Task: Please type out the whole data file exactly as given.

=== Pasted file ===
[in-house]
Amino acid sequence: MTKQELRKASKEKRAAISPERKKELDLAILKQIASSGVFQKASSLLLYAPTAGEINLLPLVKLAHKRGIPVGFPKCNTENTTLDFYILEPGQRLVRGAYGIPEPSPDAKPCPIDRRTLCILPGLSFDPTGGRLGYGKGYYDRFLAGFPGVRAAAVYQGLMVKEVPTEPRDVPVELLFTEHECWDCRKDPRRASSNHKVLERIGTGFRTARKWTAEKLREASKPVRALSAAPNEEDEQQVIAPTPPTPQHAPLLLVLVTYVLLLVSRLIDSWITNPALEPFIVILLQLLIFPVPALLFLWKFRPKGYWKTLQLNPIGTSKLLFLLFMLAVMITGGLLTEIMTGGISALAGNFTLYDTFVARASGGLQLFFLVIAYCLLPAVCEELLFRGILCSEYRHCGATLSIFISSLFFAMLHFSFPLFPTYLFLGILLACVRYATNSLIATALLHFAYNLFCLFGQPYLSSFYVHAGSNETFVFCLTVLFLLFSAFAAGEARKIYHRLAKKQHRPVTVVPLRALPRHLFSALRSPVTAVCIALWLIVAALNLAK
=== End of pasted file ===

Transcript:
[in-house]
Amino acid sequence: MTKQELRKASKEKRAAISPERKKELDLAILKQIASSGVFQKASSLLLYAPTAGEINLLPLVKLAHKRGIPVGFPKCNTENTTLDFYILEPGQRLVRGAYGIPEPSPDAKPCPIDRRTLCILPGLSFDPTGGRLGYGKGYYDRFLAGFPGVRAAAVYQGLMVKEVPTEPRDVPVELLFTEHECWDCRKDPRRASSNHKVLERIGTGFRTARKWTAEKLREASKPVRALSAAPNEEDEQQVIAPTPPTPQHAPLLLVLVTYVLLLVSRLIDSWITNPALEPFIVILLQLLIFPVPALLFLWKFRPKGYWKTLQLNPIGTSKLLFLLFMLAVMITGGLLTEIMTGGISALAGNFTLYDTFVARASGGLQLFFLVIAYCLLPAVCEELLFRGILCSEYRHCGATLSIFISSLFFAMLHFSFPLFPTYLFLGILLACVRYATNSLIATALLHFAYNLFCLFGQPYLSSFYVHAGSNETFVFCLTVLFLLFSAFAAGEARKIYHRLAKKQHRPVTVVPLRALPRHLFSALRSPVTAVCIALWLIVAALNLAK